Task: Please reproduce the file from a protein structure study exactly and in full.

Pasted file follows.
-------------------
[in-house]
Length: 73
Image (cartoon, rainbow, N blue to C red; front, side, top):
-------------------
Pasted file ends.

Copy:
[in-house]
Length: 73
Image (cartoon, rainbow, N blue to C red; front, side, top):